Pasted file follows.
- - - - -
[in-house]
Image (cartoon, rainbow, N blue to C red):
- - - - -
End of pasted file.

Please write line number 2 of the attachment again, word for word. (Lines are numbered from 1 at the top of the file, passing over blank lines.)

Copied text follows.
Image (cartoon, rainbow, N blue to C red):